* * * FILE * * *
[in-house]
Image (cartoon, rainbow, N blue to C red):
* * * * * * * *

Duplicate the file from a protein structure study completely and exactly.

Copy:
[in-house]
Image (cartoon, rainbow, N blue to C red):